Plenary Session 1: Is There a Future for Intra-Articular Injections in Joint Preservation?
Date/Time: Thursday, April 29, 2021 - 8:30 AM to 10:30 AM
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Clinically recognizable osteoarthritis (osteoarthritis) is late-stage disease that is difficult to reverse. However, symptom and structural progression follow dramatically different timelines for individual patients. At earlier disease states, some of the biological and molecular changes may be reversible. Intra-articular injection of a wide range of pharmacologic, biological, and cellular treatments show promise in delaying OA onset when administered in small animal models early after chemical or surgically induced joint injury. However, this laboratory situation of treating “pre-osteoarthritis” (pre-OA) has few parallels in clinical practice. Because symptoms are poorly correlated with structural changes until late-stage OA in humans, patients are typically unaware of early disease. Consequently, current injection therapies largely provide symptomatic relief of established OA by reducing joint inflammation. Advances in imaging, proteomic, molecular, and mechanical diagnostics may allow for successful treatment of early OA and “pre-OA” where personalized injection therapies based on new developments in cell therapies, molecular biology, and epigenetics may be effective.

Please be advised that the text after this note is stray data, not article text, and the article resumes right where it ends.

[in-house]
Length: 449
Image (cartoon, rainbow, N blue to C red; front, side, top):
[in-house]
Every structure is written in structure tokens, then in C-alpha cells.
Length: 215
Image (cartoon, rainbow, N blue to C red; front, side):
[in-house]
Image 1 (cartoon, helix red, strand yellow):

Followed by abstract presentations.